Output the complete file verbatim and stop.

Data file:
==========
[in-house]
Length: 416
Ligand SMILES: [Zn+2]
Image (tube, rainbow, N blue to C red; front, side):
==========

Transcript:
[in-house]
Length: 416
Ligand SMILES: [Zn+2]
Image (tube, rainbow, N blue to C red; front, side):